Time to Catch the Tide: H&W could lead Northern Ireland in a potential energy revolution
With the unique asset of Harland and Wolff combined with some of the fiercest tides in the world, Northern Ireland stands on the edge of a potential energy revolution which can help secure its energy supplies, create and retain highly-skilled local manufacturing jobs, propel the region as a centre of excellence in the marine energy sector and assist its population with reduced electricity bills in the future.
In recent years Harland and Wolff has successfully developed a unique expertise in renewable energy design and construction alongside its well-established maritime work.
This has included wind and tidal technology manufacturing and assembly; the company’s facilities and deep water port access is unrivalled.
Very recently Harland and Wolff entered into a relationship with leading British tidal stream developer Lunar Energy, which could lead to a major project for the yard and a significant boost for Ulster’s renewable evolution.
Hull-based Lunar Energy is already planning to install a huge 300 turbine tidal stream field costing 500 million pounds which will provide enough energy to power a large number of homes by 2015. But sadly for the UK, this plant is being built by Lunar in South Korea, in conjunction with Korean Midland Power.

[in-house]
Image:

Where the Korean authorities have realised the huge potential of tidal power in their own waters, the UK still appears hesitant to take the lead.
It is a sad truth that development overseas is currently a simpler process than within the UK. Although the UK is blessed with one of the highest levels of tidal stream in the world, there has not been, and does not seem to be, the Government will to remove the considerable planning and crucial grid connection obstacles that are holding back such home grown technologies.
Political and policy leadership will determine whether Northern Ireland can become one of the world’s leading tidal energy centres within the next few years.
The opportunity is there and the cry to Stormont’s political leaders must surely be: it’s time to catch the tide.
Content courtesy of Belfast Telegraph, image courtesy of Harland and Wolff